Property Law: Property Transfer Duty Concessions Explained
Before you purchase property make sure you understand the ins-and-outs of property transfer duty and eligibility requirements for transfer duty concessions.
One of the few most frequently asked conveyancing questions we get from property Buyers is ‘what is property transfer duty’? and ‘How much transfer duty do I have to pay?’.
Firstly, transfer duty (once known as stamp duty) is a form of tax paid to the Queensland Government (through the Office of State Revenue) by purchasers on transactions relating to property.
Property transfer duty is calculated on either the purchase price of the property, or the market value of the property, whichever amount is higher. However, the amount of transfer duty payable will vary depending on whether the Buyer is eligible for a transfer duty concession.
Eligibility requirements for transfer duty concessions
A transfer duty concession can only be claimed under Property Law by purchasers who are at least 18 years of age, are an Australian citizen or permanent resident, and if one of the following circumstances apply:
- You are purchasing your very first home; or
- You are purchasing vacant land which you will build your first home on; or
- You are purchasing a house or unit which will become your primary place of residence.
Stamp Duty Concessions Guide
1.First Home Concession
To be eligible for the first home concession, you must have never owned property anywhere in the world. You must also:
- move into and live on the property for at least 12 months following settlement; and
- not dispose all, or part of the property within this period. The term ‘Dispose’ includes selling, transferring or leasing the property and renting out any rooms in the house even after you move in. This means that you cannot buy the property, rent it out for a while and then move in, still within the 12-month period. However, the rules are different (and a concession may still apply) if you buy a property with a pre-existing lease.
If you are purchasing your very first property for less than $550,000.00, and the eligibility requirements above apply - then the property transfer duty payable under Property Law will be $0.00. If the property is worth over this amount, then you will not be eligible for a first home concession, but you may be eligible for a home concession (see below).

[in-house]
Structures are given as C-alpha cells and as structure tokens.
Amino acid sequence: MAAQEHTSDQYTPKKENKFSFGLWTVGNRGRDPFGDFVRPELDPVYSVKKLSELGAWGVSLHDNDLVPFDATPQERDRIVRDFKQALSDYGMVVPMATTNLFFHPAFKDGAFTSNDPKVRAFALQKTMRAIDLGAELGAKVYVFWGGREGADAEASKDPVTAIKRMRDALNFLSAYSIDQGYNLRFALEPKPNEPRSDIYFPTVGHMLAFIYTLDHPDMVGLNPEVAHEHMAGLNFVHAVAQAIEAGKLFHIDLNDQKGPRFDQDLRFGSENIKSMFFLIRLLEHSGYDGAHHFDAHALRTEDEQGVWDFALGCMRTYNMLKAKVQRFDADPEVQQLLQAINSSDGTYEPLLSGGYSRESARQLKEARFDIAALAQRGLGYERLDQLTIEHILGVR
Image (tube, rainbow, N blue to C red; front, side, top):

2.First Home Vacant Land Concession
If you are purchasing vacant land to build your very first home on, then you will be eligible for the first home vacant land concession if:
- Once the house is constructed on the land, you move into the home as your primary place of residence within two years following settlement; and
- Not dispose (see above for a definition) all, or part of the property within 12 months following occupation of the home constructed on the land.
If you are purchasing vacant land for less than $400,000.00, and the eligibility requirements above apply - then the property transfer duty payable will be $0.00.
Importantly, you cannot buy a pre-existing house, knock it down and build a brand new house AND claim the concession. The concession only applies if you are buying vacant land to start with.
The home concession on property transfer duty allows you to claim a concession even when you have owned property before. Similar to the first home concession, to be eligible for the home concession you must:
- Move into the house and live on the property for at least 12 months following settlement; and
- Not dispose all, or part of the property within this period.
The home concession allows you to pay a reduced amount of transfer duty, saving you up to $7,175.00.
First home owners will be eligible for the home concession if they purchase property worth over $550,000.00.
Get in touch with our NAMbour conveyancing lawyers for advice specific to your situation
Every Buyer’s circumstances will differ and you may need specific property conveyancing legal advice from property conveyancing solicitors if you don’t cleanly fall into these categories. Further, there are strict eligibility requirements for transfer duty concessions imposed by the Office of State Revenue. If you make a false declaration, you can be charged extra duty and penalties.
To make sure that you are taking advantage of the best concession for you, feel free to contact the Sunshine Coast conveyancing solicitors from Butler McDermott Lawyers Property Law team in Nambour for a confidential discussion.
Written by Sunshine Coast law graduate Delfina Sutjiadi
This article is not intended to advise you in relation to your specific circumstances and should be used as a general guide only.